SpaceX delays the launch of Starlink until Sunday – Spaceflight Now

SpaceX’s Falcon 9 rocket sits upright on Platform 39A on Friday at NASA’s Kennedy Space Center. Credit: Space Flight Now

SpaceX removed the planned launch from the Kennedy Space Center of a Falcon 9 rocket on Friday with the company’s next 57 Starlink Internet satellites and a pair of commercial Earth-imaging surveillance satellites. Authorities did not immediately confirm a new launch date, but SpaceX is expected to try again on Sunday.

Launch teams at NASA Kennedy Space Center in Florida were counting down for the takeoff of a 229-foot (70-meter) Falcon 9 rocket at 4:18 pm EDT (2018 GMT) on Friday from Platform 39A at Kennedy Space Center, but Authorities said the launch would be postponed a few hours before the scheduled takeoff time.

In a tweet, SpaceX said it was “pulling out of today’s Starlink mission.” The company said its “team needed additional time for pre-launch payments, but Falcon 9 and the satellites are healthy.”

SpaceX said it will announce a new launch target date once confirmed by the U.S. Space Force Eastern Range, which provides launch support for all space missions taking off from Cape Canaveral Air Force Station and the Kennedy Space Center.

The schedule slip sets the stage for two Falcon 9 launches from different platforms in Cape Canaveral in the coming days.

SpaceX is preparing to launch a Falcon 9 rocket from Platform 40 at Cape Canaveral on Tuesday at 3:55 pm EDT (1955 GMT) with the upcoming U.S. Army GPS navigation satellite.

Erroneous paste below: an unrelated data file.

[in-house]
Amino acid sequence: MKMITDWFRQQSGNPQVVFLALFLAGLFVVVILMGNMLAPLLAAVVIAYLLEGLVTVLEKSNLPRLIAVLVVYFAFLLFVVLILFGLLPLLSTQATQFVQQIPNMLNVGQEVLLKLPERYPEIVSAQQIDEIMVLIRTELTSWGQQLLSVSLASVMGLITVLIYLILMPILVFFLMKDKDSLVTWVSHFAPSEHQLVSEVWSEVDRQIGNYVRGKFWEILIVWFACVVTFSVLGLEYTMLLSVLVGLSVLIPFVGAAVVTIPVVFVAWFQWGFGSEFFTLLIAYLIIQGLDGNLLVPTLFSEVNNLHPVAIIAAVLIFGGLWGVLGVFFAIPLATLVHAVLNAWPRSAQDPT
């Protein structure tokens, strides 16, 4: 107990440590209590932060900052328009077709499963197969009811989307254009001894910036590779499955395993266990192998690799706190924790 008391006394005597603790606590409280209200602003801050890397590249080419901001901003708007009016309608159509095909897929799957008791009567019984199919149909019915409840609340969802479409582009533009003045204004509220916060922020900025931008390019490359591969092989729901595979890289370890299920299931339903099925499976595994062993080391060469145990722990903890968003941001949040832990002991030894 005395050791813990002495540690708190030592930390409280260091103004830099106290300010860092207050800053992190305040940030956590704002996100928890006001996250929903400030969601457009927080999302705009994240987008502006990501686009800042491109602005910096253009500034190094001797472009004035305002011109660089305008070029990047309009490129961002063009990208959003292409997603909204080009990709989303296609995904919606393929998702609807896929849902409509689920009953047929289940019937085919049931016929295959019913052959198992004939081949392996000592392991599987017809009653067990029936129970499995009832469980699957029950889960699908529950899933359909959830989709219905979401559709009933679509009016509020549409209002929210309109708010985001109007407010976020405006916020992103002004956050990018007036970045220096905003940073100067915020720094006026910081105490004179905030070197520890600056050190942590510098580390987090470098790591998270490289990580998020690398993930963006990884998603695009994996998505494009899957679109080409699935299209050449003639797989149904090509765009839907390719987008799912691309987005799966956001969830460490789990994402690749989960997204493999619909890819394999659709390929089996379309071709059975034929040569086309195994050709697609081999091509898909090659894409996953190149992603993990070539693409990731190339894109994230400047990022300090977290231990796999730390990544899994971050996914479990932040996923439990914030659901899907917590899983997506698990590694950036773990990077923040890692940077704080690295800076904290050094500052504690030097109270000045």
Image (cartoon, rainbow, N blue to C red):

In a conference call with reporters on Friday to discuss the launch of the GPS, a SpaceX official said the company was still evaluating when the Falcon 9 rocket with Starlink broadband satellites and BlackSky Earth image payloads could be ready to fly.

An updated airspace warning notice posted on a Federal Aviation Administration website last Friday suggested that SpaceX might try again to launch the Starlink / BlackSky carpool mission on Sunday.

If the Starlink launch is ready to start in a few days, SpaceX could choose to continue that mission before the GPS launch on Tuesday. The notice to pilots released on Friday suggests that SpaceX aims to do just that.

In the event of a further delay, managers are expected to prioritize the launch of the GPS on Tuesday because the mission is for the US Space Force, a key client for SpaceX. SpaceX did not reveal the reason for the launch delay on Friday, but the problem takes more than a few days to resolve, the Starlink launch could be delayed until after the GPS launch.

Lee Rosen, vice president of operations and customer integration for SpaceX, said Friday that SpaceX could make two launches from different platforms in Cape Canaveral in a relatively short time. He said SpaceX could go ahead with another Falcon 9 release after a review of data from the previous mission, which he says generally takes half a day to a day to complete.

Launch companies generally examine the flight data of all launches to look for nearby calls or any other unusual behavior that may affect future missions.

Brig. General Doug Schiess, commander of the 45th Space Wing, said the Eastern Range could also support two Falcon 9 launches 24 hours apart, if necessary.

Send an email to the author.

Follow Stephen Clark on Twitter: @ StephenClark1.